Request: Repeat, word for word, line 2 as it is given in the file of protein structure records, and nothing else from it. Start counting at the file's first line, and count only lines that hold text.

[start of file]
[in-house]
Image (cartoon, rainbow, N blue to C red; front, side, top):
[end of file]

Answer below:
Image (cartoon, rainbow, N blue to C red; front, side, top):